This Week in America: What Would St. Francis Do?

This Week in America: What Would St. Francis Do? May 30, 2020

A Drawing in the Middle of the Night

Last night, I had trouble sleeping, which I normally don’t. For some reason, I felt compelled, perhaps inspired, to do a drawing from a movie I had recently watched. Now, I realize, that drawing  has got much to do with what’s been going on in America this week: a lot of anger, a lot of hurting, and a widespread need for healing. Deep down in our heart of hearts, I believe we all want what the subject of the drawing, St. Francis of Assisi, called Pax et Bonum, “peace and good.”     

What About the Movie?

The movie I had watched was Robert Rosselini’s 1950 classic, The Flowers of St.Francis. Directors Francois Truffaut and Pier Paolo Pasolini both considered it one of the most beautiful films ever made. It’s about a group of outrageous men who  go about the thirteenth century Italian countryside performing crazy acts of love like hugging lepers, stopping wars, and performing all sorts of miracles. 

What Would Francis Do Today?

If Francis were alive today, I could see him walking into the middle of the riots, with no thought for his personal safety. Now I wouldn’t recommend that. But we can be ourselves, and do whatever good we can wherever we are.  

The real miracle of Francis of Assisi’s life isn’t the stigmata he received. It’s the Christ-centered, life-giving, life-changing love he shared with his broken and hurting sisters and brothers. To use the word again, Francis loved outrageously, and fearlessly. He was truly a channel of God’s peace and God’s goodness. We can be that too today if we choose!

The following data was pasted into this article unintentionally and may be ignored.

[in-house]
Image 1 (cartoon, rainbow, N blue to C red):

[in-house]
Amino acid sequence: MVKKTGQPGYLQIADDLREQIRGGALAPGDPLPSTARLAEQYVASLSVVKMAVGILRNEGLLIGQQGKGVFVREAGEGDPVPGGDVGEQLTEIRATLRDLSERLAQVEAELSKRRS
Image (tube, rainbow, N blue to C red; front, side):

What Should We Do?

When St. Ignatius Loyola was undergoing his conversion experience in 1521, he read about Francis, and he asked himself, “What if I were to do what Francis did?” We don’t to wear brown robes and sandals like Francis, or black robes like Ignatius, but we can nevertheless be channels: healing the broken and the sick, feeding the poor, and overcoming racial hatred one step at a time. 

What I’m going to suggest is less a plan and more of an approach: today in America, there is a desperate need for people who will channel peace and good. Where there is hatred (and we know there’s a lot of it these days), we need to show love. We need to be hope, light and joy to our hurting sisters and brothers, and that means everyone, regardless of skin color or background. 

St. Francis of Assisi, pray for us! All of us together!

(The drawing of St. Francis is by Pat McNamara.) 

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